Geek culture isn’t ‘broken, ‘ but it does have a harassment problem3 months, 26 days ago
In his latest thinkpiece on Birth Movies Death , geek culture critic Devin Faraci was contended that “Fandom is Broken.” Bringing together the Ghostbusters reboot controversy, HYDRA Captain America, fanboydeath threats, and a bizarre criticism of romantic fanfiction, he describes a community ruined by the zealotry of “entitled” fans.
Except none of these instances are remotely comparable, representing different issues from different corners of fandom. Criticism is not the same as entitlement. Death threats are not the same as social media activism. And death threats aren’t strictly the realm of disgruntled fans sending hate mail to inventors; harassment is a broader issue of sexism and bigotry online.
Characterizing fan entitlement as a plague on geek culture, Faraci places the Ghostbusters trailer backlash on the same level as the #GiveElsaAGirlfriendhashtag and the criticism of HYDRA Captain America, a trio of social media campaigns that couldn’t be more different.While the Ghostbusters backlash is motivated by misogynist fans objecting to a female-led movie reboot, #GiveElsaAGirlfriend was a brief campaign for Disney to include queer representation in a children’s cartoon.
Meanwhile, the Captain America outrage is a response to the content of a recent comic, which revealedCaptain America as a secret member of the Nazi-affiliated organization HYDRA. Some fans responded with critical blog posts about Captain America’s history as an anti-Nazi hero; others donated money to the U.S. Holocaust Memorial Museum in protest. A few sent death threats to the comic’s novelist and editor.
As Faraci points out, geek culture has a harassment problem. But if this means fandom is “broken, ” then so is the rest of the Internet. Harassment is everywhere, from PoliticsTwitter to book review sites to science vlogging. It’s also demonstrably worse for women and people of color, matters that Faraci ignores in favor of detailing the threats received by Marvel editor Tom Brevoort and Guardians of the Galaxy director James Gunn.
As an insignium of fan entitlement, Faraci name-checks a fictional character from a Stephen King novel, a woman who kidnaps her favorite writer and forces him to write a volume to her specifications. Yes, the people organizing hashtag campaigns in support of bisexual Poe Dameron are just as bad as fictional offenders, when you really think about it.
Perhaps Faraci’s strangest instance of fan entitlement is his grievance about “the popularity of fan fics set in coffee shop or bakeries.” He writes 😛 TAGEND
“I had an argument with a younger fan on Twitter lately and she told me that what she wants out of a Captain America story is to see Steve Rogers be happy and get whatever he wants – ie, the exact opposite of what you want from good drama.”
It feels very odd to align this harmless fanfic trope with what he describes as the “powder keg” of entitled fandom. For one thing, coffeeshop fanfic is not demanding anything from anyone. Fans aren’t organizing Marvel boycotts because Civil War wasn’t a romcom. They enjoy both: the morally conflicted, action-heavy experience of the Captain America movies, followed by a lighthearted chaser of romantic fanfiction. And since fanfic is usually kept separate from the creators of the original source material, it’s basically the opposite of in-your-face demands from overly invested fans.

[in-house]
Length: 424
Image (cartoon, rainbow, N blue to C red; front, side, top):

I can’t help but is hypothesized that Faraci’s dismissal of lighthearted fanfic is rooted in sexism. Most fanfic is written by young women, and coffeeshop fic falls into the same category as Gilmore Girls or Pride& Prejudice stories about relationships, played out on a small scale, but with satisfying emotional impact. There’s always a happy objective, but are these stories any more frivolous than your median Spider-Man movie? It surely isn’t “the opposite of good drama.” Good drama is a well-told story; bad drama is Batman v Superman .
Fans can be loud and obnoxious on social media, making it easy for people to lump valid criticism into the same category as stupid overreactions( “The new Batmobile seems even worse I’m never reading a DC comic again”) and outright harassment. For writers and creators, this can start to feel like one huge mass of negative commentarywhich is probably why Faraci’s article resonated with so many people.
In a lot of ways, he’s right. He merely doesn’t seem to recognize the difference between outright harassment and vocal but constructive campaigns to improve fandom for everyone.
Fans and creators are still negotiating their borders online .
Fan entitlement, or something like it, can be hurtfulespecially for inventors who work on beloved franchises like Doctor Who or Star Wars , where fans feel a strong sense of ownership of long-running characters. But fan entitlement is an attitude problem, brings with it by a lack of thoughtfulness and empathy. It’s not an umbrella word for every fandom reaction, from death threats to hashtag activism.
With social media increasing consumers’ access to producers, fans and inventors are still negotiatingtheir bounds online. Sometimes, a handful of fans will wildly overreact to a creative decision and behave like immature dicks. Sometimes, a creator will misinterpret a piece of constructive criticism as a personal attack and freak out. Occasionally, a hashtag campaign like #OscarsSoWhite or The 100 ‘s lesbian death backlash will start a productive conversation that might inspire real, positive change.
Fandom isn’t broken. It’s just going through some growing pains.